Ugliness in Araby, by James Joyce
Length: 686 words (2 double-spaced pages)
- - - - - - - - - - - - - - - - - - - - - - - - - - - - - - - - - -
The description of the neighborhood, in which the narrator and Mangan and his sister live, is where we begin to see the development of setting. The narrator describes the neighborhood as a quiet, dead end street, where the houses (except the uninhabited two-storey house) "gazed at one another with brown imperturbable faces" (Joyce 395). It doesn't sound like it was an exciting neighborhood; in fact, we get the feeling that nothing happens in this kind of neighborhood at all. The lack of anything happening in their neighborhood helps us understand why the idea of Araby as something exotic and exciting was one that captured the narrator and Mangan's sister.
The setting of the neighborhood is described not only as boring, but also as dark, as almost foreboding. In winter, the neighborhood consisted of "dark muddy lanes behind the houses", "dark dripping gardens" and "dark odourous stables", where even the street lamps were feeble (Joyce 396).
This darkness suggests an almost sad tone. It gives the sense of a bleak life, immune to happiness, a sense that nothing good will or can happen there. Even when spring came, "the air was pitilessly raw" (Joyce 397); this neighborhood was abysmal not only in winter, but in spring when we think of things as beautiful and happy. The bleakness of the neighborhood helps us to understand why life seemed so bleak to the children who lived there; they give the impression they would rather be anywhere else.
The neighborhood in general is just the beginning of the setting; the house the narrator lived in also helps to set the tone. The house had a musty air that hung in all the rooms (Joyce 395), which were themselves "high, cold, empty, [and] gloomy" (Joyce 398). We get the feeling that the house was very large, as it had a front parlour, a hall (Joyce 396) and a waste room (Joyce 395), in addition to all the rooms you would expect to find in a house (bedrooms, bathrooms, kitchen, etc.). The suggestion of the size of the house gives us the feeling that these are well off people, living in a well off neighborhood. We tend to imagine that people who are well off live extraordinarily exciting lives and are quite happy, but this story suggests that these ideas are just utopious, and have no bearing on reality. The narrator does not get what he wants in the end, as we may expect someone in a well off family would.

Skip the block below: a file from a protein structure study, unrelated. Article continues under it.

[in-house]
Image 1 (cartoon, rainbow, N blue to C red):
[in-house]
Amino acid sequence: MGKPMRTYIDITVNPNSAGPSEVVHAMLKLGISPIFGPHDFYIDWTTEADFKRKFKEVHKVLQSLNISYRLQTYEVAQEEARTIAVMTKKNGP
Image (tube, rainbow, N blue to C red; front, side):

Even though Araby seemed to hold everything his world was lacking, the narrator found out that it could be even more bleak than home. The setting at the bazaar was no better than the setting in the narrator's own neighborhood and house. He arrived at the bazaar to find an improvised wooden platform (Joyce 398). The narrator was then faced with a "big hall girdled at half its height by a gallery" (Joyce 399), which suggested magnificence, but held only darkness. Most of the stalls were closed, and "the greater part of the hall was in darkness" (Joyce 399). The narrator tells us that the hall held a "silence like that which pervades a church after a service" (Joyce 399). The few people that were still at the bazaar, and noticed him, treated the narrator as if they wished he would leave, attending to him only out of a sense of duty (Joyce 399). Going to the bazaar seemed a fruitless effort to gain something that could not be gained through going to a bazaar, or other `opiate of the masses'.
The setting in "Araby" is desolate, the tone one of disappointment and inadequacy. The description of the setting helps to set this tone, and through the setting and the tone, we can understand the feelings of anguish and anger that the narrator had at end of the story. He came to the realization that life controls and taunts people. We get the feeling, through the setting and tone, that the overall message of this story is that when life seems hard, it is, and when it seems like it might get better, it won't.
Joyce, James "Araby." The Norton Introduction to Literature. Eds. Jerome Beatty, Alison Booth, J. Paul Hunter, Kelly J. Mays. New York: W. W. Norton & Company, Inc., 2002, 395-399.